The phrase “of what we may call chance” is particularly interesting, as it indicates Darwin did not really think that chance was a metaphysical actor. In fact elsewhere, when discussing the origins of variation on which natural selection operated, he wrote
I have hitherto sometimes spoken as if the variations?so common and multiform in organic beings under domestication, and in a lesser degree in those in a state of nature?had been due to chance. This, of course, is a wholly incorrect expression, but it serves to acknowledge plainly our ignorance of the cause of each particular variation. [Origin, p131, first edition]
…we are far too ignorant to speculate on the relative importance of the several known and unknown laws of variation… [p198]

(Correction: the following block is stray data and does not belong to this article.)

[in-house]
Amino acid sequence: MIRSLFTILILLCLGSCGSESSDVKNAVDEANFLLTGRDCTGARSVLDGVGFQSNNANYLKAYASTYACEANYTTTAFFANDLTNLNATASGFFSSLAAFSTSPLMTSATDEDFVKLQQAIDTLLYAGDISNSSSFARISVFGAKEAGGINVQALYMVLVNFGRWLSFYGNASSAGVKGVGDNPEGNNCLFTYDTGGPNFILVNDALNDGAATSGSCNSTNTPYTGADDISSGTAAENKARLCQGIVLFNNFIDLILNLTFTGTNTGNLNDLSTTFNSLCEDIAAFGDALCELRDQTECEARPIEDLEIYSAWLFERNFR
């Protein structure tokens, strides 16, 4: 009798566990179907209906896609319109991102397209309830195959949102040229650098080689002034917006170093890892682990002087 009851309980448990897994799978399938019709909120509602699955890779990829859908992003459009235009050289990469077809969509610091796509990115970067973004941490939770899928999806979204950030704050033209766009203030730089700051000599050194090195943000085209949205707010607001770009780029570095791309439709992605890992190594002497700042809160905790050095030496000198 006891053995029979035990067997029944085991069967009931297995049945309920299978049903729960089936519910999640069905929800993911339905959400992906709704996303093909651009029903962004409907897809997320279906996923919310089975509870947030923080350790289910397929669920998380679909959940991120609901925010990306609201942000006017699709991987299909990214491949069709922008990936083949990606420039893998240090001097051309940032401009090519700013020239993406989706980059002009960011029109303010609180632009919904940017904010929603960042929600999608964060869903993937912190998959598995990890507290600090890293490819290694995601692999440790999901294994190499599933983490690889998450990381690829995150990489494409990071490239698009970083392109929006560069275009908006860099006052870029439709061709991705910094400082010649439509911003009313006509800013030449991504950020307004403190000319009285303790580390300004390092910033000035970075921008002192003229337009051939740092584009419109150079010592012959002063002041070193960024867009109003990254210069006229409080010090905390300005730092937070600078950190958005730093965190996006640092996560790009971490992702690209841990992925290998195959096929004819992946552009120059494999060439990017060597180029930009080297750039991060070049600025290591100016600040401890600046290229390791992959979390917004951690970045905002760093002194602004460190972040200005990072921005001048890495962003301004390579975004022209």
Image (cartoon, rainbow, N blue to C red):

He did think the causes of variation were due to environmental influences on parents, which turned out to be right in a weird kind of way – as mutations are usually the result on environmental insults during gametogenesis, but that’s not at all what he or his contemporaries meant.
John Beatty thinks, correctly in my estimation, that Darwin meant by “chance” what historians now call “contingency”, which is a kind of counterfactual property – had things been slightly different, the outcome would have been different also. Beatty reckons that Darwin’s empirical work that established this was his book On the Various Contrivances by which British and Foreign Orchids are Fertilised by Insects (1862):
The multiplicity of possible outcomes of evolution by the natural selection of chance variations, and hence the contingency of the actual results (like us), is surely one of the most unsettling aspects of the Darwinian revolution. Darwin chose to demonstrate this contingency empirically in a book on . . . orchids.
Baldwin correctly summarises the matter, I think, in the passage that follows the one above: